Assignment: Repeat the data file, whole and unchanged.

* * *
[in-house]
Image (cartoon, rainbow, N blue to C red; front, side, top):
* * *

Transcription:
[in-house]
Image (cartoon, rainbow, N blue to C red; front, side, top):